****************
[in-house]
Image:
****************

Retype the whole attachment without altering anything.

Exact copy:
[in-house]
Image: